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Summary:

NSFW Corp. founder Paul Carr admits he is mostly to blame for his company’s inability to raise the funds necessary to keep going, but also says the site pioneered some features that are worth exploring

It may have gone unnoticed in mainstream media circles, but the death of entrepreneur Paul Carr’s NSFW Corp. on Monday caused more than a few tremors in the world of new-media startups — in part because that world is so tiny to begin with, but also because Carr is a somewhat polarizing figure at the best of times, and many were watching his venture with a mix of interest and schadenfreude.

Since the death of something new is often almost as interesting as its birth, I called Carr and asked him to talk about what he or others might learn from NSFW Corp’s relatively brief life as a media entity.

In typical startup fashion, NSFW Corp. isn’t completely dead, of course. The company — which launched its online-only media effort last July (it later also added a print version to its offerings) and was based in Las Vegas — is no more, but Carr and most of his team are joining PandoDaily, another new-media startup created by Carr’s former TechCrunch colleague Sarah Lacy that has renamed itself Pando and has taken on NSFW Corp.’s assets, including the print magazine.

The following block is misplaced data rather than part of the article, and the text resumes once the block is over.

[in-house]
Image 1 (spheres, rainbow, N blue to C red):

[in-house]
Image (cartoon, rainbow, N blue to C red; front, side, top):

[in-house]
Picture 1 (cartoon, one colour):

Raising money is really f***ing hard

Sarah Lacy

Sarah Lacy

Carr said that he and Lacy had talked a number of times about PandoDaily acquiring or merging with NSFW Corp., but while they were both media startups and believed in certain principles — such as “paying people for their work and having real journalists,” as Carr puts it — they were also focused on very different topics, with NSFW Corp. taking on everything from porn to politics and Pando doing tech. So what changed? Carr says NSFW Corp. started digging more and more into big tech and media-related stories such as Pierre Omidyar’s attempts to start a media company with Glenn Greenwald — but he also says NSFW Corp.’s financial struggles were a big part of the picture as well:

“It is not getting any easier for journalistic organizations to raise money… everyone says that content is suddenly hot, and it is — but content and journalism are unfortunately not the same thing in investors’ eyes. And we can all wait for a Pierre Omidyar to show up, but truthfully it’s hard to raise money for a journalistic company. And the idea that both of us were out raising money independently — Pando very successfully and us less so — was kind of silly.”